How many times have you felt as if you were your own worst enemy? Unintentionally, we create our own emotional blocks.
The article “Focus” speaks about sitting down and staring at a blank sheet of paper – writer’s block. How frequently have you searched through your mind for an idea to write for marketing or something to say to someone?
You are not alone; we have all experienced that blank mind syndrome.
Mental Blocks come in various forms
The toughest mental blocks are frequently ones we create for ourselves. We know we should pick up the phone and make a few more sales calls.
We know we should make a call to a friend, acquaintance, or customer with an apology. If it is handled promptly, it can be very minor. The longer the procrastination, the more difficult the call becomes. Does your mind play tricks on you to say, “What if they think this or that?” What if . . .?” What if . . .?”
History abounds with relationship calls which were never made or made years later -- long after it was “too little too late.” Country songs, love novels and tear-stained diaries are filled with these stories.
Overcoming mental blocks
Find something which relaxes your mind and puts you at ease. Once you relieve your own tension, it is so much easier to ease the stress for someone else. Have you ever retorted in haste and later regretted the words which escaped from your lips? Words blurted out in haste are rarely well-chosen.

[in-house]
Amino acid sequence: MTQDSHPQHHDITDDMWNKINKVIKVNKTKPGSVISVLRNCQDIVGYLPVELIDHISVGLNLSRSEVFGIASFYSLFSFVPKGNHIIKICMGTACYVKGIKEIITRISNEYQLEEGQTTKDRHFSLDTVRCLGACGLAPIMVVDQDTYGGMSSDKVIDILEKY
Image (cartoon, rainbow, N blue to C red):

Find a way to put yourself in a positive mental mindset.
1. Go for a walk. If time does not permit a walk, at least step outside into the fresh air and breathe deeply. Deep breathing is an excellent way to increase the oxygen to the brain and calm the nerves.
2. Place a picture of someone you love directly in your line of sight for a few minutes. Think how they would want you to feel or how you would want them to feel. The sensation of that love and caring tens to relax your spirits.
3. Listen to calming music or a favorite tune which always makes you smile.
4. Print a list of motivational, inspirational or encouraging quotations. A friend of mine laminated her list and put it in the shower. Another friend who commutes through heavy traffic daily attached the list to the sun visor in her car; the quotations ease the rush-hour tension of stop and go traffic jams.
5. Think about something you can do to make someone else happy. Concentrating on doing good deeds for others is one of the best ways to get past a self “pity party.”
If we are capable of creating our own emotional blocks, we are also capable of eliminating them.
What emotional blocks have you created for yourself? The book Emotional Ice Water is filled with real life stories of difficult situations and numerous suggestions for overcoming those barriers.
Write me and let me help you push through your barriers. Together we can accomplish great deeds.